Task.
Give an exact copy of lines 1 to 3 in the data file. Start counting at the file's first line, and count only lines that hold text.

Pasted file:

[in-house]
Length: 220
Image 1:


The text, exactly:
[in-house]
Length: 220
Image 1: